• Anyone can advertise for personals, dating, sexual health items/educational info- but links to adult materials must be at least 2 clicks away from your landing page.

#3 Landing Page Relevance and Quality Guidelines (5:21)

Pretty basic stuff:

  • Landing pages must work, not be under construction, not have session specific URLs, no frames or static/dynamic text URLs
  • Landing page guidelines CAN vary by country- you’ll have to check for yours.
  • Landing pages that are restricted or disallowed: all ads sites, misleading sites, must be able to click back, no fake windows, no pop ups, unders or auto downloads. (Pop ups for language and country preferences are OK)
  • Landing pages must have a privacy policy stated or clearly linked to on landers that collect information and opt outs must be available.

#4 Intellectual Property Guidelines (5:38)

These are country specific, so again, up to you figure out what country you’re in and what not to do.

  • No trademarks that “misrepresent”
  • Can be a reseller
  • Can use a trademark in a informative style- but it must be “truthful & legal.” Basically you can say Nike exploits child workers in Mexico, but you better be able to back it up.
  • Can use a competitor’s name if it’s for comparison purposes that has been verified by a 3rd party (just like Google)
  • Microsoft does not mediate trademark disputes, you can submit a “concern” online and MS will investigate from there.
  • Affiliates! Only one display from a URL will show at a time and the ad with the best CTR is the one that will get shown.

So if you have an affiliate direct linking to your site and their ad is kicking yours in the arse, you are out of luck with MSN. Solve it through the affiliate program.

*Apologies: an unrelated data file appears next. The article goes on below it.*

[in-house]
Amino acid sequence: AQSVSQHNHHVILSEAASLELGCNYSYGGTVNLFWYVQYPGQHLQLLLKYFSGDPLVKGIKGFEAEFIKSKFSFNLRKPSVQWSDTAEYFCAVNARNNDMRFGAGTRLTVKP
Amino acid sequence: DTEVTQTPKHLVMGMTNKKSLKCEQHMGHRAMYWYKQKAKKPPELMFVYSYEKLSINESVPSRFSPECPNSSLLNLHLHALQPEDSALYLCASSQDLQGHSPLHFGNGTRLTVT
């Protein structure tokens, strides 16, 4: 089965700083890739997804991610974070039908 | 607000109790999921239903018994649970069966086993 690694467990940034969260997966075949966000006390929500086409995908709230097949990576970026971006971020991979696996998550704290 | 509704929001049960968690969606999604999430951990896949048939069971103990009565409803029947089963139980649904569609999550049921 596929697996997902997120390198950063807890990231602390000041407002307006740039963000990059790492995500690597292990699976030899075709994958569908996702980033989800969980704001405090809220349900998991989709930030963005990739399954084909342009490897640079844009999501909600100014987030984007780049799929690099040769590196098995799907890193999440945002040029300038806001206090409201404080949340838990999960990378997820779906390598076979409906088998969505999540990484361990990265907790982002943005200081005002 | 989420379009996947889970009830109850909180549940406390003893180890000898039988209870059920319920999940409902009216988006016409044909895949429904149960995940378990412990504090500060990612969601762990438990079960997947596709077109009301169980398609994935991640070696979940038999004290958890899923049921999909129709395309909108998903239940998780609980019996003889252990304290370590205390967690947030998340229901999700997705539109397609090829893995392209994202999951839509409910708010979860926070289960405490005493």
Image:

• No marketing for products or services that bypass copyright protections.


  • No exploiting a public figure or their likeness for commercial gain

#5 Click Quality (3:15)

The video change format here to a new one that doesn’t have the sidebar navigation to tell you which slide you’re on.

  • Advertisers are billed for “standard quality” clicks
  • Somewhere, adCenter finds “low quality” clicks that are “invalid clicks” and doesn’t bill you for those. They are from users that show low commercial intent, unusual activity or appear to be roboits/test servers.If you want to see how many of those you’ve racked up choose the “low quality clicks” segment to your next adCenter report.
  • Legitimate causes of a spike in standard quality clicks are seasonality, sales/discounts, news, trends.
  • Report click fraud by sending in the campaign name, ad group name and number, ad identification number, keywords affected and a brief description of the issue.

Whew! That’s it for Part 1: Introduction to Microsoft Ad Center

Move on to Part 2: Getting Started

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  1. HI Elizabeth
    I am using your guide to prepare for the microsoft exam, I find it so much better than watching the majority videos in the training hub 🙂 Thanks for taking the time to prepare it, much appreciated!
    Best Regards